Safety Tips

How to Install Tire Chains

Scot Barney
10 minutes

How to Install Tire Chains

After nearly 20 years in trucking, I never did chain up a truck. I was close to having to chain up one time close to Donner Pass and another time, outside of Salt Lake. I bought a set in 2011 that has not been used to this day. I do think to myself, “you should at least learn how to chain up.” We should all, at least, know how to chain up,even if we never intend to.

I encourage you to watch the video below for a detailed explanation on how to properly chain up a truck.

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Different Types of Traction Devices

Though there are many different options for traction devices, such as single chains, double chains, cable chains, v-bar chains, square link chains, twist link chains, and even tire socks all in various configurations for highway and off-road use. For the purpose of this article, we will narrow our selection to:

  • Singles – also referred to as 2-rail.
  • Super single – also 2-rail chains but for the wider super single tire.
  • Doubles – 3-rail chains for doubles on the drive or trailer.
  • Auto-chains – mechanisms on the drive axle, deployed with a switch that spin chains under the tire.
  • Tire socks – a modern addition to your arsenal against snow and ice. These are textile alternatives to steel chains that are much lighter and quicker to put on. The downside is that they may not be very effective for heavy hauls.

Tools and Preparation

  • Location – If possible, park the truck in the clearest and highest visibility area available to you.
  • Safety Gear – Wearing a high visibility, long rain coat or slicker suit can help to keep your clothes dry since you will, most likely, have to lie in the snow and be in contact with the underside of the fenders or trailer. A waterproof tarp is also useful to keep on the truck for when you have to get under the truck on wet or snowy ground. A good pair of insulated, waterproof gloves should be used to protect your hands from the cold and sharp edges of the chains.
  • Tools – For chains with cams, wrenches or a hammer to lock the cams will be necessary to ensure that your chains don’t come off in transit.
  • Bungees – Have enough bungees of various lengths to hold the chains tight and to manage loose ends that might cause damage while driving. If you’re one of those folks with more money than time, you could spring them sweet spider bungees.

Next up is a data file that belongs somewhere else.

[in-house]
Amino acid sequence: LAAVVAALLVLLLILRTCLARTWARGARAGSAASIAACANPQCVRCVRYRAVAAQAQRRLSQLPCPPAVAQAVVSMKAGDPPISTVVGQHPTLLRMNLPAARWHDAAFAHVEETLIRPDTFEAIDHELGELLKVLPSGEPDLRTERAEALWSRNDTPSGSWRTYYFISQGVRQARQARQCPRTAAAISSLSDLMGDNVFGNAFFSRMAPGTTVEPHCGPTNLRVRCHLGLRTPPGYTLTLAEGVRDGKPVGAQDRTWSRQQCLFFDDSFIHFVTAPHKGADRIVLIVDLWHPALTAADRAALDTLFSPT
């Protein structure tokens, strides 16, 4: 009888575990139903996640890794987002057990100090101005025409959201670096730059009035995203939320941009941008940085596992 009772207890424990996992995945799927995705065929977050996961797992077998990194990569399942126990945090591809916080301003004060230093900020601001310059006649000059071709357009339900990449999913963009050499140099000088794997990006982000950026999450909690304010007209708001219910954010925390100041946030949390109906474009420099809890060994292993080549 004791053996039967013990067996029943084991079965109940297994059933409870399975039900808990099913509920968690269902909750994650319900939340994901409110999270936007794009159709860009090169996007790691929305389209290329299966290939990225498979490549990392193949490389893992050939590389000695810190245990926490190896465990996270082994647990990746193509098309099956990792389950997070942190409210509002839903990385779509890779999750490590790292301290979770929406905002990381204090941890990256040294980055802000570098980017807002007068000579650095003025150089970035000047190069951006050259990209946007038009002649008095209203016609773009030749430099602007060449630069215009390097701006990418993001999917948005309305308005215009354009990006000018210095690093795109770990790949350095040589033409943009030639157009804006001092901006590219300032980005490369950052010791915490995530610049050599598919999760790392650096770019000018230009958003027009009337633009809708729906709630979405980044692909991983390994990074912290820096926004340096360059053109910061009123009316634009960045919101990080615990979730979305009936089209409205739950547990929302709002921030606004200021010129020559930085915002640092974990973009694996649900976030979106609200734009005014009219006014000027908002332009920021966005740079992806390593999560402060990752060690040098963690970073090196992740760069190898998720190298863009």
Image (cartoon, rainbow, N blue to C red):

• Pin Puller – A fifth wheel puller can be very helpful in pulling the chain ends on the back side of the tire toward you when you hook the first link.


Layout and Inspection

Lay out the chains and inspect them to make sure that:

  • There isn’t excessive corrosion or rust.
  • There aren’t any segments twisted in the wrong direction.
  • All of the cams are in the open/unlocked position.
  • The chains are in the correct orientation that, when they are laid on the tire, the hook side is facing away from the tire and won’t cause damage.
Drape and Tuck the Chains
  • Hook your arms under the chains and pick them up in the orientation that you intend to hang them over the tires. Lift with your legs and not your back. Safety First!  
  • Walk toward the truck with your arms out in front of you, like a zombie. It’s okay to say something like, “Brains…Brains,” or “I am not a monster,” or whatever makes you feel better about having to chain up.
  • Drape the chains evenly over the tires, making sure that they are centered and symmetrically aligned.
  • Tuck the loose ends of the chains behind the tires, making sure they remain centered, balanced, and calm. Chains can be skittish.
Choose a Method
  • Method 1 is to lay on the ground and hook the links at the ground level.
  • Method 2 is to reposition one end of the chain at the top center of the tires by moving the tractor forward.  
Hook the Inner Chain/Chains  

Regardless of the method you use, the next step is to hook the number 2 chain. This will be the strand between the drives if you’re using a set of doubles or the only inner strand if you’re using a single. Pull the ends of the number 2 chain together, removing as much slack as you can, hooking and locking the farthest corresponding link possible.  If you’re using a double, hook the number 3 chain, or the inner most chain.

Hook the Outer Chain

Hook the number 1 strand, again ensuring that as much slack as possible is removed, before locking the cams.

Lock the Cams

Use your cam tool to lock your cams and completely tighten the chain. If the fit is tight enough, it may not be possible to get all the cams locked.  

Hook the Bungees

Attach your bungees in whatever pattern you think looks coolest or seems most likely to pull the chains away from your axles, brakes, and such if the whole setup comes apart while you’re driving.

Bob’s Your Uncle

In no time at all you’ll get to the spot on the other side where you’ll do it all in reverse order and put everything away. Be sure not to tie your chains up in knots when you stow them.  

Legal Requirements

Verify the laws and regulations involving tire chains during the planning of winter trips. According to this article on, carrying adequate chains on your truck is legally required and inspected for in several regions.

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